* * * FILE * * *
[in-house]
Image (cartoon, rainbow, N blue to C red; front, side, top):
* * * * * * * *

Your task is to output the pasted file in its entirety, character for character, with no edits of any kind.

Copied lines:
[in-house]
Image (cartoon, rainbow, N blue to C red; front, side, top):